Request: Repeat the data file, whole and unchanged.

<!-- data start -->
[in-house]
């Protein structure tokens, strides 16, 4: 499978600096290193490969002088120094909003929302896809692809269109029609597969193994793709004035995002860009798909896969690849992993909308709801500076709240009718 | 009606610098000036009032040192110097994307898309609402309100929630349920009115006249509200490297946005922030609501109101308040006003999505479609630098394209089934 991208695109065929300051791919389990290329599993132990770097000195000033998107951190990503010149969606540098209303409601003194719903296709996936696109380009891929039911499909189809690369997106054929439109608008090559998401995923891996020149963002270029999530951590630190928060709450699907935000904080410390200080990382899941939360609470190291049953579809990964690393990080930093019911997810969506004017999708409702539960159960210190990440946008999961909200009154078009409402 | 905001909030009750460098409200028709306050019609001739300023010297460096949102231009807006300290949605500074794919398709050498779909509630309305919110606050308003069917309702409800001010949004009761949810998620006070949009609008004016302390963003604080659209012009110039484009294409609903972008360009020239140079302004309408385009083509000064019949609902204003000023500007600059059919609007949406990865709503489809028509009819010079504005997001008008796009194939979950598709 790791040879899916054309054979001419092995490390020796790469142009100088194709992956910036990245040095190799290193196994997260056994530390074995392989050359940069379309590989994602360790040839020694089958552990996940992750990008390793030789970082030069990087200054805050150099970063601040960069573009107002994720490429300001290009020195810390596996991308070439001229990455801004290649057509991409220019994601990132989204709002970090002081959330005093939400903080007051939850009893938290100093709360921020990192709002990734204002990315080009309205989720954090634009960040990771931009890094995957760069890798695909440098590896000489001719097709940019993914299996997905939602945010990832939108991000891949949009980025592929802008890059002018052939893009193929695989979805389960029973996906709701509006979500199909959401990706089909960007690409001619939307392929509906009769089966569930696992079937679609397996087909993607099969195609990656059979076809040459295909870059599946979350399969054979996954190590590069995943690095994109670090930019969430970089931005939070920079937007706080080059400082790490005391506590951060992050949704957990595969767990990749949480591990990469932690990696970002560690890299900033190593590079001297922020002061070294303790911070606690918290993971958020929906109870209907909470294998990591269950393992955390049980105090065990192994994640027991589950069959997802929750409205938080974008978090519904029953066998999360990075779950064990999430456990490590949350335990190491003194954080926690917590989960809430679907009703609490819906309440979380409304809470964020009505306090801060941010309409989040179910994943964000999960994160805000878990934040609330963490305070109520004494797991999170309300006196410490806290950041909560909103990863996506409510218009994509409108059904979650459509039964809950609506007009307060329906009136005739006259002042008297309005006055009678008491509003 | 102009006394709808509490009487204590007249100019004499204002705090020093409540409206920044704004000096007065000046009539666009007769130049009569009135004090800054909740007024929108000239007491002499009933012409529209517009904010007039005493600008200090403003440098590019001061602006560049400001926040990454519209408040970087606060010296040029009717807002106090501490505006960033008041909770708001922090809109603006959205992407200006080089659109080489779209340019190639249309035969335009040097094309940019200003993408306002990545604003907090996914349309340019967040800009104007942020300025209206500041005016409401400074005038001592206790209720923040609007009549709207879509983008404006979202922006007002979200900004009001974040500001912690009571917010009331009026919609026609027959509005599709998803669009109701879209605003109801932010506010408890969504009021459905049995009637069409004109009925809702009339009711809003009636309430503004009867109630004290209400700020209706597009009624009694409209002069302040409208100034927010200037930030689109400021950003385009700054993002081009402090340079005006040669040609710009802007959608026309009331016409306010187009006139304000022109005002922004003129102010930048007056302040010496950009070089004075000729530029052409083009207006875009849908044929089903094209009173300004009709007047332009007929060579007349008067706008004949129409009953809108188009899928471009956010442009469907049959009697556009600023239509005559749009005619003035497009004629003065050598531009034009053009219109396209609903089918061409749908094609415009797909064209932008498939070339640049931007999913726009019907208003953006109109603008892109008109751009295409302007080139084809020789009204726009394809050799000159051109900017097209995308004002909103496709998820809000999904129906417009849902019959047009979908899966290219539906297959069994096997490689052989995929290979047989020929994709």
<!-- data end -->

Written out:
[in-house]
């Protein structure tokens, strides 16, 4: 499978600096290193490969002088120094909003929302896809692809269109029609597969193994793709004035995002860009798909896969690849992993909308709801500076709240009718 | 009606610098000036009032040192110097994307898309609402309100929630349920009115006249509200490297946005922030609501109101308040006003999505479609630098394209089934 991208695109065929300051791919389990290329599993132990770097000195000033998107951190990503010149969606540098209303409601003194719903296709996936696109380009891929039911499909189809690369997106054929439109608008090559998401995923891996020149963002270029999530951590630190928060709450699907935000904080410390200080990382899941939360609470190291049953579809990964690393990080930093019911997810969506004017999708409702539960159960210190990440946008999961909200009154078009409402 | 905001909030009750460098409200028709306050019609001739300023010297460096949102231009807006300290949605500074794919398709050498779909509630309305919110606050308003069917309702409800001010949004009761949810998620006070949009609008004016302390963003604080659209012009110039484009294409609903972008360009020239140079302004309408385009083509000064019949609902204003000023500007600059059919609007949406990865709503489809028509009819010079504005997001008008796009194939979950598709 790791040879899916054309054979001419092995490390020796790469142009100088194709992956910036990245040095190799290193196994997260056994530390074995392989050359940069379309590989994602360790040839020694089958552990996940992750990008390793030789970082030069990087200054805050150099970063601040960069573009107002994720490429300001290009020195810390596996991308070439001229990455801004290649057509991409220019994601990132989204709002970090002081959330005093939400903080007051939850009893938290100093709360921020990192709002990734204002990315080009309205989720954090634009960040990771931009890094995957760069890798695909440098590896000489001719097709940019993914299996997905939602945010990832939108991000891949949009980025592929802008890059002018052939893009193929695989979805389960029973996906709701509006979500199909959401990706089909960007690409001619939307392929509906009769089966569930696992079937679609397996087909993607099969195609990656059979076809040459295909870059599946979350399969054979996954190590590069995943690095994109670090930019969430970089931005939070920079937007706080080059400082790490005391506590951060992050949704957990595969767990990749949480591990990469932690990696970002560690890299900033190593590079001297922020002061070294303790911070606690918290993971958020929906109870209907909470294998990591269950393992955390049980105090065990192994994640027991589950069959997802929750409205938080974008978090519904029953066998999360990075779950064990999430456990490590949350335990190491003194954080926690917590989960809430679907009703609490819906309440979380409304809470964020009505306090801060941010309409989040179910994943964000999960994160805000878990934040609330963490305070109520004494797991999170309300006196410490806290950041909560909103990863996506409510218009994509409108059904979650459509039964809950609506007009307060329906009136005739006259002042008297309005006055009678008491509003 | 102009006394709808509490009487204590007249100019004499204002705090020093409540409206920044704004000096007065000046009539666009007769130049009569009135004090800054909740007024929108000239007491002499009933012409529209517009904010007039005493600008200090403003440098590019001061602006560049400001926040990454519209408040970087606060010296040029009717807002106090501490505006960033008041909770708001922090809109603006959205992407200006080089659109080489779209340019190639249309035969335009040097094309940019200003993408306002990545604003907090996914349309340019967040800009104007942020300025209206500041005016409401400074005038001592206790209720923040609007009549709207879509983008404006979202922006007002979200900004009001974040500001912690009571917010009331009026919609026609027959509005599709998803669009109701879209605003109801932010506010408890969504009021459905049995009637069409004109009925809702009339009711809003009636309430503004009867109630004290209400700020209706597009009624009694409209002069302040409208100034927010200037930030689109400021950003385009700054993002081009402090340079005006040669040609710009802007959608026309009331016409306010187009006139304000022109005002922004003129102010930048007056302040010496950009070089004075000729530029052409083009207006875009849908044929089903094209009173300004009709007047332009007929060579007349008067706008004949129409009953809108188009899928471009956010442009469907049959009697556009600023239509005559749009005619003035497009004629003065050598531009034009053009219109396209609903089918061409749908094609415009797909064209932008498939070339640049931007999913726009019907208003953006109109603008892109008109751009295409302007080139084809020789009204726009394809050799000159051109900017097209995308004002909103496709998820809000999904129906417009849902019959047009979908899966290219539906297959069994096997490689052989995929290979047989020929994709």